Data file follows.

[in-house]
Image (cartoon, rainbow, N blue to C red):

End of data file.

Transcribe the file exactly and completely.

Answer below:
[in-house]
Image (cartoon, rainbow, N blue to C red):